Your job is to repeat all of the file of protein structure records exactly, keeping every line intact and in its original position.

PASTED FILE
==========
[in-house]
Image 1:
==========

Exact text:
[in-house]
Image 1: